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Quality and the Finnish Programme to Reduce Long-Term Homelessness


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Presentation given by Taina Hytönen, YSAATIO, Finland at a FEANTSA Conference on "Quality in Social Services from the Perspective of Services Working with Homeless People", Luxembourg City, Luxembourg, 2011

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Quality and the Finnish Programme to Reduce Long-Term Homelessness

  1. 1. Quality and the Finnish programmeto reduce long-term homelessness 1st Workshop Session: Quality criteria – what level of prescription works best Luxembourg 21st October 2011 Taina Hytönen / Y-Foundation
  2. 2. The framework in defining quality• Homeless services? The principle of universal benefits in welfare services covers also homeless people living permanently in the country. Only in a few of the largest cities there are services targeted especially for homeless people.
  3. 3. • National program to Reduce Long-termHomelessness (2008-2011):- By the end of 2011 about 1600 new dwellings builtor renovated for long-term homeless people- State funding for construction + hiring supportpersonnel in 10 largest cities- Conversion of traditional shelters into rentedsupported housing units- Housing first – approach
  4. 4. A challenge for the welfare services• New service consepts matching the needs of long-term homeless people.• New work orientation and methods in support services.• How to guarantee client participation?• How to define quality and measure it?• How to keep the developmental process going on?
  5. 5. Example: The city of Helsinki has used following criteria in buying services for long-term homeless people:• Security of the tenure: living in supported housing is based on a normal lease.• Staff resources: – the minimum in supported housing is 0,12 workers / tenant – in intensively supported housing 0,3 / tenant – in service-accommodation 0,4 / tenant. – 24 hour service is required except in the supported housing if specially agreed.• Qualifications of the staff: – the manager of the service provider must have a university degree in social welfare or health – one qualified nurse per team is the minimum – other staff members must have vocational qualifications in social and health care
  6. 6. • System of quality standards: – quality is evaluated according to: – The ability of the service provider to fulfill the duties mentioned in the service agreement – How the targets in the personal service plans of the clients are reached – the service provider must have a documented quality control system. – the service provider must define its values, policies and system of management. – the quality system must include a description on how the client feedback is collected, processed and documented. This information must be utilized in developing the services. – besides regular reporting the service provider and the city social services will have a follow-up meeting at least once a year to evaluate how the quality standards are reached and how the mutually set developmental projects have been carried out.• Safety: – in every supported housing unit there must be a written safety plan based on a risk assessment of the activities. – the plan must describe safety measures both in the premises and in the neighborhood of the unit. – A safety plan includes also a statutory fire and rescue plan.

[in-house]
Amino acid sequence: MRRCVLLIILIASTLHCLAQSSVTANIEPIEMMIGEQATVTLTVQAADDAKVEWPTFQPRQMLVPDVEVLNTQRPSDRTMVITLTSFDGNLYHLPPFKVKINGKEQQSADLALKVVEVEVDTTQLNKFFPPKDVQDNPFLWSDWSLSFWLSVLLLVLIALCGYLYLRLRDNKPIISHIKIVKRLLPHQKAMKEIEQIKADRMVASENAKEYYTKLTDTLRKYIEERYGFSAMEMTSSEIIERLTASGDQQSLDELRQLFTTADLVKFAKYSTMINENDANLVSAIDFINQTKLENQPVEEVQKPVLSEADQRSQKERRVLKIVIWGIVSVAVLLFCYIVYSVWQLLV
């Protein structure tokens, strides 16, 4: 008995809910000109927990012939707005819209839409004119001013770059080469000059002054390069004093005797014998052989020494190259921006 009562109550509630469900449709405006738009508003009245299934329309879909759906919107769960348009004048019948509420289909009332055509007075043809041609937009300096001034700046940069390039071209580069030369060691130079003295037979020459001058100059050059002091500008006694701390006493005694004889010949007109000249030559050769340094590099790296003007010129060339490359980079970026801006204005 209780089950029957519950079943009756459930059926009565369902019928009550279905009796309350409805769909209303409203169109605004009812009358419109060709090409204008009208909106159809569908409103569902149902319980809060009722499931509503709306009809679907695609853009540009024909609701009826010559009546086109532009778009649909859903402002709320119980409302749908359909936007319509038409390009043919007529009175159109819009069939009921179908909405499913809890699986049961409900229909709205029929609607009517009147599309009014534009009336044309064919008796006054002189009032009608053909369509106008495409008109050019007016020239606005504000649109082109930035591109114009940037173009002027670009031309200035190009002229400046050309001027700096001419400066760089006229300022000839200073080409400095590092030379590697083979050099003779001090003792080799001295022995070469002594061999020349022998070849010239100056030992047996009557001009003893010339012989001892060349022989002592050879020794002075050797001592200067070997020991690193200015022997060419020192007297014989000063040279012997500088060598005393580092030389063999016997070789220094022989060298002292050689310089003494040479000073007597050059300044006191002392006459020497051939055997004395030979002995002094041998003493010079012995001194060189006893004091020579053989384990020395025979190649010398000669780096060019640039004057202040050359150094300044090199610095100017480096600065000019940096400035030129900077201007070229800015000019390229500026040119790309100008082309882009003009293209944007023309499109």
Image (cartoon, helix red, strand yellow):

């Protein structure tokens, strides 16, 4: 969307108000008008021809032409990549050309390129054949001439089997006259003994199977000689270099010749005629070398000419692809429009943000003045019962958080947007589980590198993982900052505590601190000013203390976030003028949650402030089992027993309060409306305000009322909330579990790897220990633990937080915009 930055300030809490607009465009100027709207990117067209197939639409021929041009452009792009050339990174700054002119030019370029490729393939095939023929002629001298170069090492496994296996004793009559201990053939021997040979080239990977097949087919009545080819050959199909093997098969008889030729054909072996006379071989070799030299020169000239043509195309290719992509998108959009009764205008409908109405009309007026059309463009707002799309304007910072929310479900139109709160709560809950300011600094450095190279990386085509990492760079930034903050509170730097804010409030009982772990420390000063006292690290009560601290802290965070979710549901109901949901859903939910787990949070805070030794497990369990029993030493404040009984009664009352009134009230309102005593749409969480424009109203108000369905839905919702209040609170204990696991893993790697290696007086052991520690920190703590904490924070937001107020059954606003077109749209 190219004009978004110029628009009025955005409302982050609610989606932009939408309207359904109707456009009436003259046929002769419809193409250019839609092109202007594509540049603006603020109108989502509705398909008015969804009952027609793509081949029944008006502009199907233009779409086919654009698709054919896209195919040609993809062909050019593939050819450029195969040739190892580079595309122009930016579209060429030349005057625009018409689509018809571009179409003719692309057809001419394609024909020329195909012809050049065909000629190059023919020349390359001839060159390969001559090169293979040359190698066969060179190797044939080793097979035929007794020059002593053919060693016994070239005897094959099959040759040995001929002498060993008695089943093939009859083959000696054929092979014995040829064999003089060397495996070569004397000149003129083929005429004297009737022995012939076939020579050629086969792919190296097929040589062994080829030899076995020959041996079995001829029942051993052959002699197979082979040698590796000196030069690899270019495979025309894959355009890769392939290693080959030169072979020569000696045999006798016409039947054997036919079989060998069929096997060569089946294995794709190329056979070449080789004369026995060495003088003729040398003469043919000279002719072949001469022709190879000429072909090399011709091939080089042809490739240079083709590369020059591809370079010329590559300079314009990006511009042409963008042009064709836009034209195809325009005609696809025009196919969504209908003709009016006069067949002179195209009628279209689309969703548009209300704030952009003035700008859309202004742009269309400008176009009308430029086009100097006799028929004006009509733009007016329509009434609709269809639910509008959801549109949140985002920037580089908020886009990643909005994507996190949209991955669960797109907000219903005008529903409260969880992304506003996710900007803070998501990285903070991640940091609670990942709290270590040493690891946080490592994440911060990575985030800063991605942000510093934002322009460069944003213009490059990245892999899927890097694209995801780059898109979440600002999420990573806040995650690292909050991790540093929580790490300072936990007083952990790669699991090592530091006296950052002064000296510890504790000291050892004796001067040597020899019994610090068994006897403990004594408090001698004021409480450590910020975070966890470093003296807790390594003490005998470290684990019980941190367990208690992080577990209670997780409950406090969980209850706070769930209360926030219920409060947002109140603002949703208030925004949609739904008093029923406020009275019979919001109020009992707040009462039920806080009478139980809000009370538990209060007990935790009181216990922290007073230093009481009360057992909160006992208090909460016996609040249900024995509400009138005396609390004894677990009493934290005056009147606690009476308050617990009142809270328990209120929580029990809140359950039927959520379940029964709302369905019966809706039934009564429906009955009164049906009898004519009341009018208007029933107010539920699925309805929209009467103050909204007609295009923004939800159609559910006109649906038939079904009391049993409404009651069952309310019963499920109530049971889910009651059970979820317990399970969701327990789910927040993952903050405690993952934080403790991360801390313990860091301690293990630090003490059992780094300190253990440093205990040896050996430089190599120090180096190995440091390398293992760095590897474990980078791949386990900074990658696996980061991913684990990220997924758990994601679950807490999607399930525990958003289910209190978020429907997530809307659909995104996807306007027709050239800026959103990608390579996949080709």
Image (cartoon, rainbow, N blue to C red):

7. 7. • Neighborhood (community) work: A supported housing unit must have a written action plan on how the interaction with the neighborhood is organized (joint meetings, informing and regular follow-up rounds). All feedback from the neighborhood must be processed and replied immediately• Quality of housing The minimum standard for housing in supported and service accommodation is a room with a shower, toilet and a kitchen. Most of the new housing stock consists of fully equipped normal dwellings with room for services and group work in the premises. = prescriptive standards of quality in services for a very vulnerable group of homeless people
  8. 8. Single homeless people in ten largest cities in Finland ARA 2011
  9. 9. Conclusions: Homeless services: different criteria are needed for different services: preventive / emergency / supportive etc. The criteria used in Helsinki can not necessarily be applied everywhere: more flexible solutions can be suitable is smaller cities. Defining criteria is important: how to include inclusion and guarantee the supportive orientation in the work. It is not only setting the criteria: also the follow-up procedure and client feedback are important. There is a lot of confusion and ignorance on the local level about the procedure and (EU & national) regulations on public tendering , SGEI etc. This makes choosing service providers difficult even though there are no real markets in the field in Finland.